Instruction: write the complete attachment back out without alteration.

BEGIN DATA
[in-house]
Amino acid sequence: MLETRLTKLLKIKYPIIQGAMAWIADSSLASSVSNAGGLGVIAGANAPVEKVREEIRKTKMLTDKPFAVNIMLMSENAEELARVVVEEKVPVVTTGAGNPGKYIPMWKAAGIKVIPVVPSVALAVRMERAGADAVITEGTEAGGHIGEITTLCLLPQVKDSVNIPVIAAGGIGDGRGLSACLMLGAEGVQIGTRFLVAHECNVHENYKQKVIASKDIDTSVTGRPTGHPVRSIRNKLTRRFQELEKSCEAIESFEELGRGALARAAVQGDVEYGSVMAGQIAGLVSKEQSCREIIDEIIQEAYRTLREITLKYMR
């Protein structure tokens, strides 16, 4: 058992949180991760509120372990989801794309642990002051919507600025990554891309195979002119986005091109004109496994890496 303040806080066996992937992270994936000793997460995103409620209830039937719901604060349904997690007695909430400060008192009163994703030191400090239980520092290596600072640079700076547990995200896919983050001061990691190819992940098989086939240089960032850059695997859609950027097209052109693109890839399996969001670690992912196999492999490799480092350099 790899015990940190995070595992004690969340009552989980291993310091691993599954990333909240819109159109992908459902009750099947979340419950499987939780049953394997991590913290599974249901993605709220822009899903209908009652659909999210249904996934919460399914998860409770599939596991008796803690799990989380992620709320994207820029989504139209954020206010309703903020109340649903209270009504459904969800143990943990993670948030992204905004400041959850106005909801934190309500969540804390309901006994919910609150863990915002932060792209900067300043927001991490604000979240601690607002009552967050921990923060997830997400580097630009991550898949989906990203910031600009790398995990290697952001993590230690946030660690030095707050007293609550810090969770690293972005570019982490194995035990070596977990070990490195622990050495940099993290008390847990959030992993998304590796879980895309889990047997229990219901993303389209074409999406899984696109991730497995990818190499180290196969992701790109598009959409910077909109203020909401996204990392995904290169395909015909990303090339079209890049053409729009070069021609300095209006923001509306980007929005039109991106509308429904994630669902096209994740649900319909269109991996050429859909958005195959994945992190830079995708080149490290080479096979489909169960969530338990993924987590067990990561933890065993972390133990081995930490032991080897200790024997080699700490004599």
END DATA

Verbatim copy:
[in-house]
Amino acid sequence: MLETRLTKLLKIKYPIIQGAMAWIADSSLASSVSNAGGLGVIAGANAPVEKVREEIRKTKMLTDKPFAVNIMLMSENAEELARVVVEEKVPVVTTGAGNPGKYIPMWKAAGIKVIPVVPSVALAVRMERAGADAVITEGTEAGGHIGEITTLCLLPQVKDSVNIPVIAAGGIGDGRGLSACLMLGAEGVQIGTRFLVAHECNVHENYKQKVIASKDIDTSVTGRPTGHPVRSIRNKLTRRFQELEKSCEAIESFEELGRGALARAAVQGDVEYGSVMAGQIAGLVSKEQSCREIIDEIIQEAYRTLREITLKYMR
């Protein structure tokens, strides 16, 4: 058992949180991760509120372990989801794309642990002051919507600025990554891309195979002119986005091109004109496994890496 303040806080066996992937992270994936000793997460995103409620209830039937719901604060349904997690007695909430400060008192009163994703030191400090239980520092290596600072640079700076547990995200896919983050001061990691190819992940098989086939240089960032850059695997859609950027097209052109693109890839399996969001670690992912196999492999490799480092350099 790899015990940190995070595992004690969340009552989980291993310091691993599954990333909240819109159109992908459902009750099947979340419950499987939780049953394997991590913290599974249901993605709220822009899903209908009652659909999210249904996934919460399914998860409770599939596991008796803690799990989380992620709320994207820029989504139209954020206010309703903020109340649903209270009504459904969800143990943990993670948030992204905004400041959850106005909801934190309500969540804390309901006994919910609150863990915002932060792209900067300043927001991490604000979240601690607002009552967050921990923060997830997400580097630009991550898949989906990203910031600009790398995990290697952001993590230690946030660690030095707050007293609550810090969770690293972005570019982490194995035990070596977990070990490195622990050495940099993290008390847990959030992993998304590796879980895309889990047997229990219901993303389209074409999406899984696109991730497995990818190499180290196969992701790109598009959409910077909109203020909401996204990392995904290169395909015909990303090339079209890049053409729009070069021609300095209006923001509306980007929005039109991106509308429904994630669902096209994740649900319909269109991996050429859909958005195959994945992190830079995708080149490290080479096979489909169960969530338990993924987590067990990561933890065993972390133990081995930490032991080897200790024997080699700490004599």